COURTSIDE WITH COACH EDMONDS: Sports, one year later

The images of empty stadiums and sports venues is something that we as sports fans have unfortunately become accustomed to this past year.

Virtually empty ballparks, arenas and gymnasiums are what have been imposed on us as we fight this terrible disease, the Coronavirus. In todays Courtside with Coach Edmonds, I wanted to look back on how it’s affected us as fans, as coaches, myself as journalist and other ways that my life (as well as the lives of so many) have been impacted these past 365 days and (hopefully) what we have learned about how important sports are and why it just may have saved many of us this past calendar year.

Sports have a way of allowing us to “escape” the day-to-day grind of “working” trying to provide for our families and “playing” the best way that we can without injury.

The iconic hip/hop rapper Tupac put it this way when he was describing his day-to-day grind trying to make it daily “I’m trying to make a dollar out of fifteen cents.” Though he was referring to getting his “hustle on,” in this day and age aren’t we ALL trying to do the very same thing? Sports allows us to live vicariously through the talents of others while we sit and imagine how things could have been different if we’d just not quit that high-school team some 25-30 years ago.

Personally, this past year has allowed me to start the quest of becoming a journalist, writer, columnist (or whatever you’re called when you put your thoughts towards pen to paper). I’ve learned a lot about myself and see the improvement in my writings as each piece is critiqued and dissected by those that read it. I enjoy sports, and for all that I feel I’ve given, it’s given me more in return and made me grateful (in an unusual way) that this pandemic slowed me down to find new avenues to explore. Having sports to retreat to has allowed us to heal and appreciate the gifts that God has spread through-out those we enjoy viewing.

So here we are one year later and we’re still feeling the aftershocks of “what was” in regards to sports and still trying to find our rightful place as we move about in the “Age of the pandemic.

It’s interesting, the things that we often took for granted, such as going to NCCA football games (and tailgating) attending our favorite NBA arena, or (making this really personal) going to a Tin Caps game, was replaced by new items such as walking alone or with your family, going to a park – after the chains were taken off and it was reopened – and sharing a swing after you made sure it was disinfected.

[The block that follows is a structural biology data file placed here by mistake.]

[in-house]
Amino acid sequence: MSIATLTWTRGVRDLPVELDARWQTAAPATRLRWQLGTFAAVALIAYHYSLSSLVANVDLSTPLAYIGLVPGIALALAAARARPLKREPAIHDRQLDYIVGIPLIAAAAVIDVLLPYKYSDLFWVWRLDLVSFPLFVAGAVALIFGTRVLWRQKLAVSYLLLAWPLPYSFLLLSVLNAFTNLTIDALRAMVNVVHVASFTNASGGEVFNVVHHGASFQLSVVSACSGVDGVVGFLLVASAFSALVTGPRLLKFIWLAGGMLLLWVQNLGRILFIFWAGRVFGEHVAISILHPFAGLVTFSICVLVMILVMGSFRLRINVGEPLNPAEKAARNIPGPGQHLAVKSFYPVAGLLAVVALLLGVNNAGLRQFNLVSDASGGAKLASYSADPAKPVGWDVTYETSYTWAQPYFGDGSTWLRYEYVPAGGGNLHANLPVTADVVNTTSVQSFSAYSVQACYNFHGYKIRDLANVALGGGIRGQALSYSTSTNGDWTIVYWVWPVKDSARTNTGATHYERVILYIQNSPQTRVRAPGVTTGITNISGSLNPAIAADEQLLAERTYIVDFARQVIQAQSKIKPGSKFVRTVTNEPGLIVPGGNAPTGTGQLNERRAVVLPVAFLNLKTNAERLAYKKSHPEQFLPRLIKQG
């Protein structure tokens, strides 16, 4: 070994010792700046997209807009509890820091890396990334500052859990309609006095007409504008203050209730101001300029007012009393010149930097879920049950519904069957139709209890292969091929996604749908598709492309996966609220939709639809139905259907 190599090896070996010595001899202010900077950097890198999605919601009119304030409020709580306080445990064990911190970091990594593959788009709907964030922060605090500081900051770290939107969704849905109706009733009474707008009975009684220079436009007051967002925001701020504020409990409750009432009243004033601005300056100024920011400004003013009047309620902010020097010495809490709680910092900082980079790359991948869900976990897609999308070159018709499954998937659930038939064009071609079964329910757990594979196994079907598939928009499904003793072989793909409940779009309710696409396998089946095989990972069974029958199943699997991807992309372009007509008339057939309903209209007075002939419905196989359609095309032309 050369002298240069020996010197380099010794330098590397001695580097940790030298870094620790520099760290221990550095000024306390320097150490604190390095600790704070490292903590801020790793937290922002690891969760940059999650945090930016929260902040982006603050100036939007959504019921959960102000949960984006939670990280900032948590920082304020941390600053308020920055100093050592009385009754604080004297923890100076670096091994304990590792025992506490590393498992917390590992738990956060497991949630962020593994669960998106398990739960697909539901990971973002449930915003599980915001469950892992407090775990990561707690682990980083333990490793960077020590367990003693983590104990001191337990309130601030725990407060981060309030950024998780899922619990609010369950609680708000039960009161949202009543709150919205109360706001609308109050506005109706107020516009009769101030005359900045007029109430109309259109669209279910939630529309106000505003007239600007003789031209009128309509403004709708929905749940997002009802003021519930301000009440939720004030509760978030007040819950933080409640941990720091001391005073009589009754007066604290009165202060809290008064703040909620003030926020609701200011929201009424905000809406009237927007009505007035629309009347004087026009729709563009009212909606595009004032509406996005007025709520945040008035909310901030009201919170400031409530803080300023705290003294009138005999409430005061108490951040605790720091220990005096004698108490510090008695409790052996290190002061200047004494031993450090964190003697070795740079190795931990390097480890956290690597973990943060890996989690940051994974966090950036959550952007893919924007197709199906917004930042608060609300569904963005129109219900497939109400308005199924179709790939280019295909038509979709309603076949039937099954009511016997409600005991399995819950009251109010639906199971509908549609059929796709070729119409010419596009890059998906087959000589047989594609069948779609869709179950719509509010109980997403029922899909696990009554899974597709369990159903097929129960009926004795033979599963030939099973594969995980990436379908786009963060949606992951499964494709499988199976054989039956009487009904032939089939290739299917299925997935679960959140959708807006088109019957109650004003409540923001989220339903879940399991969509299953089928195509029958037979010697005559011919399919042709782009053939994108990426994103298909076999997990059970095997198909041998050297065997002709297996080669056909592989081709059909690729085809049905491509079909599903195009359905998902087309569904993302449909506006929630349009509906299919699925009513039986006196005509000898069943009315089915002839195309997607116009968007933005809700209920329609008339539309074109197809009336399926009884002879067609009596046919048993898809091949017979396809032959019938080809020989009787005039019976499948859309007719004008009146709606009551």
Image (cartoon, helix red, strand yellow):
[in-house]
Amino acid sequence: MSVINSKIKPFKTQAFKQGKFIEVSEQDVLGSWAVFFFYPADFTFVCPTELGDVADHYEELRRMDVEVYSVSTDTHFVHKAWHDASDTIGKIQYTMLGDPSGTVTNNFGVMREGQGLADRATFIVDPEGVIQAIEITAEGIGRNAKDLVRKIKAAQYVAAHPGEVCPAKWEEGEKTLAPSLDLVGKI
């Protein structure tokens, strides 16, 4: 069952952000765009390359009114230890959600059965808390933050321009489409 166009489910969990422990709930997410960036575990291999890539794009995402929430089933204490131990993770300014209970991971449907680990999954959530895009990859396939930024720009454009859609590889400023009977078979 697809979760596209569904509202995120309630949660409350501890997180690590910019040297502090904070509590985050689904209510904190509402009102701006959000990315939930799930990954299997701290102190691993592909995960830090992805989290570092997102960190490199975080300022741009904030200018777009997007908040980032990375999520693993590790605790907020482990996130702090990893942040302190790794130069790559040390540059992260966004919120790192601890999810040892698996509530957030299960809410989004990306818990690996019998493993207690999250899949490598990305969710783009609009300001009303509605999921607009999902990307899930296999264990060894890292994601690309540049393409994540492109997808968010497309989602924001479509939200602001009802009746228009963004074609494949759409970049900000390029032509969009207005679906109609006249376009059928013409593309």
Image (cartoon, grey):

Be honest, how many of you dug out that old bicycle that you haven’t ridden in years or were even able to BUY one in your local city after the mad rush to purchase bikes went through the roof, I was shocked!

Now, some of what was lost, or stopped, has started to come back over this past year. The use of mask-wearing and enforcement of social distancing are common in today’s world but is today’s sports viewing our “new” normal or are we heading back to the “good ole’ days?”

Some say that sports might never look “normal” again.  Sports staples such as Little League baseball, travel soccer, basketball and volleyball were all put on hold due to parents not feeling that their children will be safe if they participated and the constant fighting and bickering over masks wearing just became too much.

Okay, so with all this being said, the question I ask is: “What have we learned in this past year that can help us moving forward?”

Well, we have learned new terms, such as bubble, social distancing, droplets  and 25% capacity. We have learned how to trade a fist bump for a handshake, and why open water fountains, concession stands, and sharing a water bottle may not be in your best interests currently. I feel that we ALL have learned why wearing a mask may have just saved your life this past year – though I’m sure many of you may disagree and that’s okay too. In all honesty I hope that what we’ve learned is that we NEED sports to find balance in our lives. Whether you’re a casual observer or the most rabid fan, sports play a huge part in our lives daily and the pandemic allowed us to find our former “athletic selves” once again.

There were more people hiking, camping and riding bikes than ever before in an effort to break the stress of “working from home” walking the proper “arrowed” direction as we shopped or sitting at every OTHER seat when we dined. It was an explosion of outdoor fun, but this too came with a cost. Gyms and fitness facilities closed down and surveys showed that kids were spending six and a half hours less per week playing sports than before the pandemic according to the Aspen Institute.

What this past year should have taught us it that we all need some sort of physical activity to keep our bodies and minds healthy as we try to navigate the waters of COVID-19. And like it or not, get used to being asked the questions: Have you washed your hands? Where’s your mask? Maybe the “new normal” was long overdue.

Keith Edmonds is a 32-year veteran of teaching and school administration from Fort Wayne. He coached boys high school basketball as an assistant at Snider High School, North Side High School and was the head boys basketball coach at Elmhurst High School for 12 years, advancing to the Class 3A State championship in 2003. Courtside with Coach Edmonds will appear every Monday at Outside the Huddle. These opinions represent those of the writer. No opinions expressed on Outside the Huddle represent those of any of our advertisers. 

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